Gao had finally found the cause. “Even now, the government is lying, saying AIDS was transmitted because of drug use,” she says. “The government officials were very good at lying.”
The breadbasket of China, Henan is cut by the Yellow River and its seasonal, devastating floods. Through generations of extreme poverty, it developed a reputation as a place where people lie, cheat, and steal. In reality, rural Henan is not unlike Middle America, with its sweeping, open pastures, peaceful landscapes, and hardworking people. But among the poor agrarian landscape, dark and deadly ideas for amassing wealth germinate. In the early 1990s, emerging from several decades of manmade and natural disasters, floods, and famine, its best resource was people, nearly 100 million living in a China operating under the notion that “to get rich is glorious.”
Among the cruelest of these schemes was the “plasma economy,” a government-backed campaign from 1991–1995 that encouraged farmers to sell their blood. Fearing the international AIDS epidemic and viewing its own citizens as disease-free, China banned imports of foreign blood products in 1985, just as disease experts began to understand HIV and AIDS were transmitted through blood.
Modern medicine requires blood, and importantly, blood plasma, which makes albumin, an injection vital after surgery and for trauma victims. It is also used in medications for hemophilia and immune system disorders. And plasma is a big-money business — and a deeply controversial one — worldwide. Giving plasma is more time-consuming and painful than donating blood, so fewer people contribute for free, and it attracts people who need quick money: In the 1990s, inmates in United States prisons were pulled into a plasma donation schemes; today, Mexican citizens cross into the United States to border town plasma collection stations.
Though the donors of Henan got a pittance for their blood, middlemen grew relatively wealthy on what was believed to be a pure, untainted plasma supply. Plasma traders worked to convince Chinese people traditionally opposed to giving blood — thought to be the essence of life — to sell it. Villages were festooned with red sloganeering banners: “Stick out an arm, show a vein, open your hand and make a fist, 50 kuai” (at the time, about $6), “If you want a comfortable standard of living, go sell your plasma,” and “To give plasma is an honor.”
Local officials in some places went on television, telling farmers that selling plasma would maintain healthy blood pressure. (It doesn’t.) Traders pressured families, especially women. Since females bleed every month, the cracked reasoning went, they could spare a few pints for extra income.
Though some villages were spared, often thanks to foresight of skeptical local leaders, Henan’s poorest places, especially those with bad farmland, jumped into the blood trade with gusto. Henan officially had around 200 licensed blood and plasma collection stations; it had thousands of illegal ones. Collection stations were overwhelmed. Needles were reused time and again, as were medical tubes and bags. Sometimes, stations sped up the process by pooling blood, unknowingly re-injecting people with HIV-tainted red blood cells.
The system became a perfect delivery vehicle for HIV. Thousands upon thousands of the farmers who sold plasma to supplement meager earnings left with a viral bomb that developed into AIDS. In the years before education and life-extending antiretroviral drugs, it was a death sentence.
As Gao made her discoveries, another doctor, Wang Shuping, was finding the epidemic further south in Henan. Both tried to get provincial health officials to act, to warn people about the risk of AIDS via blood donations and transfusions, and to shut down the system. Both say their bosses and government officials told them to keep quiet.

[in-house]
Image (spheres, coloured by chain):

For several years, Gao, Wang, and other doctors spoke out, but the scandal was hushed up. When people started getting sick and dying en masse, the epidemic became harder to hide.
As soon as she began making her discoveries, Gao started giving public lectures, printing AIDS education pamphlets for villagers, and speaking to the press. Still, local officials managed to keep the news contained for a few years.
By 1999, some brave Chinese investigative reporters started writing about the plasma economy and AIDS epidemic. In 2000, international media seized on the story, and Gao became a favorite media subject, seemingly unafraid, always willing to provide detailed statics and talk about what she had found in the hidden epidemic.
Gao and the other doctors finally convinced China to ban plasma-for-cash programs and shut down unlicensed blood collection centers, but the damage was already done to thousands infected with HIV and hepatitis. (And despite the reforms, smaller illegal plasma operations still continued to pop up in rural villages.) This was not without pushback: Gao was threatened, blocked from speaking, had her own photos of AIDS victims confiscated, and believes her phone was tapped for years. Then there were the young men who followed her everywhere, forcing her to sneak out to do her work in rural areas under cover of night.
Gao continued to work to educate rural people about the disease and push for legal rights for victims. She inspired dozens of young volunteers, like the activist Hu Jia, to travel to Henan to donate money, food, and clothing over the years. But as the government tightened its controls and increased threats, volunteers stopped going. Gao, targeted more than most, kept sneaking in. She traveled undercover, visiting families and orphans and passing out her pamphlets.
Her charity embarrassed local officials who weren’t doing the job, and several became enraged. In one particular AIDS village, Gao learned the mayor had put a 500 yuan ($82) bounty on her head. Any villager who caught her in town and told police would get the huge sum. In all the years she visited, donated, and brought journalists in to investigate, Gao says, “they didn’t even try to catch me, they didn’t want to turn me in.”